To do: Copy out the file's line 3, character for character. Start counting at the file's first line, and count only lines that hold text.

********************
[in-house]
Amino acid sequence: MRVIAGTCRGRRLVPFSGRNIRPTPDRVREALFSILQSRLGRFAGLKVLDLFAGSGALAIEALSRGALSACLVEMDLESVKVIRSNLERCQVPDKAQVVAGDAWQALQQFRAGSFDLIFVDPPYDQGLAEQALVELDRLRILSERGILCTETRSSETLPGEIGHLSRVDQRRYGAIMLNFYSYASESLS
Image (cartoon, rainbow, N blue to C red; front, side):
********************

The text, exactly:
Image (cartoon, rainbow, N blue to C red; front, side):